Abortion legalised in Queensland in October 2018 – what do the laws say?
Abortion will no longer be a crime in Queensland, after state MPs voted on Wednesday night to remove the procedure from the criminal code. Like religion and politics, abortion is a very controversial, personal topic. Everyone will have a differing view about it, depending upon their upbringings, personal circumstances, spiritual beliefs and religious beliefs. And prior to the changes to the laws last week, abortion was such a controversial topic that there were frequently violent clashes between pro and anti-abortion activists around the country.
This article will explain the laws relating to abortion as they currently are now and were previously, in Queensland and other parts of Australia.
What are the arguments?
Those who support the legalisation of abortion argue that abortion was originally made illegal at a time when women could not hold property or vote. That is, women were seen as less important than men and would therefore not be able to have a say about their own bodies. It was argued that the right of women to control their own reproduction and their bodies is an important part of equality in our society. Keeping abortion illegal is effectively prioritising the rights of a fetus above that of a woman because the logical conclusion is that a woman should be forced to continue an unwanted pregnancy.
Those who opposed the legalisation of abortion mainly did so based on religious arguments. They argued that all life is precious and at 22 weeks a fetus should be considered a human because it is effectively formed. It will have a heartbeat, all of its organs and other characteristics of a living human being and should therefore be entitled to life.
Abortion in Australia
Abortion in Australia is largely regulated by the states and territories rather than the Federal Government. The grounds on which abortion is permitted in Australia vary by jurisdiction. In every state, abortion is legal to protect the life and health of a woman, though each state has a different definition.
Nowhere in Australia is there a requirement that a woman’s sexual partner be notified of a proposed abortion or to consent to the procedure. Australian courts will not stop a pregnant woman from terminating her pregnancy, even at the request of the father of the fetus. There is also no waiting period for an abortion. A minor does not need to notify a parent of a proposed abortion nor is parental consent required, except in Western Australia. In Western Australia, a proposed abortion by a minor under 16 years of age must be notified to one of the parents, except where permission has been granted by the Children’s Court or the minor does not live with her parents.
Early-term surgical abortions are generally available around Australia for those women who seek them. The procedure is partially funded under Medicare, the government-funded public health scheme, or by private healthcare insurers. Prosecutions against medical practitioners for performing abortions have not occurred for decades, with one exception – a prosecution in 1998 in Western Australia that soon after led to the explicit legalisation of on-request abortions under certain circumstances in that state. In the case of ‘a child capable of being born alive’ (usually taken to mean after 28 weeks of pregnancy), a termination may be subject to a separate crime of child destructions in some States and Territories.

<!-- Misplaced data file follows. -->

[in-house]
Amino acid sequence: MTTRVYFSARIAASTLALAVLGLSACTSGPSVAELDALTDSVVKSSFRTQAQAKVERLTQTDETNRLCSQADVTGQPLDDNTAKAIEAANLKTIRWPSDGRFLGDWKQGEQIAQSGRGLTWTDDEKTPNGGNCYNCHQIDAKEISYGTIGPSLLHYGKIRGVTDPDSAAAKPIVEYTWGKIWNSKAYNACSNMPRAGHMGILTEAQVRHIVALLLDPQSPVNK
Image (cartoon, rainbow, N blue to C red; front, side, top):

The position in Queensland
Last week a change to the law was approved by parliament, meaning that it will very shortly be legal for a woman to have an abortion up to the 22nd week. After 22 weeks, an abortion may only take place if the medical practitioner performing the abortion has consulted with a second medical practitioner and both agree that “in all the circumstances” the abortion should be performed.
The law sets out as circumstances to be considered by the medical practitioners, all relevant medical circumstances, the woman’s current and future physical, psychological and social circumstances, and the professional standards and guidelines that apply to the medical practitioner in relation to the performance of the termination. The law also states that an abortion may be performed after 22 weeks if it is necessary to save the woman’s life or the life of another unborn child.
One concern raised by those who opposed the laws was that it would lead to an increase in abortion, because women who are contemplating having an abortion no longer have to fear any criminal consequences. One way to predict whether or not this will occur is to look at other jurisdictions in Australia which have previously legalised abortion to see what effect it has had over there.
Victoria has had very similar abortion laws as those that are to be introduced in Queensland since 2008 and a 2017 study found that changes to the law did not lead to any significant changes to the number of abortions sought by women across the state.
As a result to the change to the law in Queensland, New South Wales remains the only state in which abortion remains illegal – it is only legal if a doctor finds any economic, social or medical ground or reason that abortion is required to avoid serious danger to the pregnant woman’s life or to her physical or mental health.